Similarly, Shula was enthusiastic about his new surroundings. “I am convinced that Miami wants to go all out for a winner,” he said at the press conference, not yet knowing how prophetic his words would be.

There was one problem -- no one told Colts owner Carroll Rosenbloom he was about to lose his head coach, and he wasn’t happy about that. Rosenbloom complained to Rozelle that the Dolphins tampered with Shula, and on April 13th, Rozelle issued a statement backing him up, concluding the Dolphins violated the league’s tampering rule on three counts:

“First, by permitting a third party -- not an employee of an NFL team -- with their full knowledge to initiate contact with Shula.

“Second, by beginning what constituted direct initial negotiations without having contacted the Colts by confirming to Shula their interest in hiring him.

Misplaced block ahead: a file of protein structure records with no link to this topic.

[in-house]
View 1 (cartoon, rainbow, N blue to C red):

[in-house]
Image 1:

“Third, by failing to make direct contact with the Colts ownership until Feb. 18th, the day the hiring of Shula was announced.”

Rozelle made it clear that Shula himself had nothing to do with these infractions -- it was the club that was at fault. As a result, the commissioner announced that the Dolphins would have to give the Colts their first round pick in the 1971 draft, in effect trading that draft choice to Baltimore for the right to hire Shula as their head coach.

Shula immediately turned the Dolphins around, leading Miami to a 10-4 record in 1970 and their first-ever berth in the NFL playoffs. But the final act of the drama wouldn’t play out until a few months later, during the 1971 draft. The Colts used the first round pick they were awarded a year earlier to select running back Don McCauley from North Carolina with the 22nd overall selection.

McCauley went on to have a productive 11-year career with the Colts, gaining a total of 2,627 yards rushing and adding an additional 333 receptions out of the backfield.

And what did Miami get in exchange? Just the best coach ever to patrol an NFL sideline.

Not a bad deal for the Dolphins -- not a bad deal at all.